Posts Tagged ‘Lent’

Lesotho’s Lenten Lesson

Monday, February 29th, 2016

Dear Friends,


Maabisi Phooko, a 71-year-old widow in Lesotho, tends to her keyhole garden, a resilient CRS innovation which she uses to help care for her three orphaned grandchildren.  Photo by Kim Pozniak/CRS

I want to tell you about a small country in southern Africa that you may have never heard of. It’s Lesotho (that’s pronounced li-SOO-too). Encircled entirely by South Africa, Lesotho was isolated during the decades of apartheid.

Its poverty is extreme. More than 40% of its 2 million people live on less than $1.25 a day. It also has one of the highest rates of HIV in the world at more than 23%. Many of its men left home to work in the mines of South Africa. Gone for months at a time, they often brought the virus back with their paychecks.

And now, on top of these problems, Lesotho faces a devastating drought brought on by El Nino. As CRS Country Representative Rita Billingsley told CBS News a few weeks ago, this is not like the drought in California, where a lack of rainfall might mean you can’t wash your car or water your lawn. This drought means you cannot feed your children.

Lesotho is not alone. Countries throughout southern and East Africa are dealing with the effects of this strong El Nino. The rain it brings can be capricious—coming down hard enough to turn the landscape green, but not with enough consistency to grow nutritious crops.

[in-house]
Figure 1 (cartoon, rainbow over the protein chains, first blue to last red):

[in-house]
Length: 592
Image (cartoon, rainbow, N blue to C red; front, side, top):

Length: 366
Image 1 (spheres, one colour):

Just to the north of Lesotho, in Zimbabwe, the situation is similar. “I harvested nothing last year,” says Fortunate Maangla, a mother of four living in the rural countryside of Zimbabwe. “We’ll be dead if somebody doesn’t help us.”

At this point, even if the rains returned, small farmers like Fortunate have no seeds to plant and no money to buy seeds.

During this Lenten season, the stories of people like Fortunate make me realize the privileges we enjoy. We can choose to sacrifice, to be reminded of the suffering that our Lord endured. So many people in so many places around the world do not have that privilege.

We can learn so much from people like these. Despite their hardships, they get up day after day after day, hoping that whatever small meal they can put together will help their families through, and that tomorrow will be better.

This is what Lent reminds us of: that tomorrow will be better. It leads us to the Passion narrative, the darkest moments for our Lord and his followers, ending on the magnificent Easter Sunday when the cry “He is risen!” resounded in Jerusalem. As we know, those words eventually resounded around the entire world, giving us all a message of sacrifice, of redemption and of hope.

Hope is so powerful. In the United States, we can feel it in this season when the earth itself trumpets forth that message, awakening from its winter slumber. It is a triumphant proclamation of hope for the most important, most precious and, indeed, the most miraculous gift from God—the gift of life itself. It is this gift that unites us all, whether we are rich or poor, whether we speak English or Spanish or Urdu, whether our skin is black or white or red or brown or tan or whatever color God makes it. It is the gift that makes us all brethren in the family of God.

CRS RiceBowl 50 TINT and GRADIENT PMS377

CRS RiceBowl is a program of Lenten solidarity and Easter joy for Catholics all across the United States.